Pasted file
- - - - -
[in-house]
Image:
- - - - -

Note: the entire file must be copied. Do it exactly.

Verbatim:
[in-house]
Image: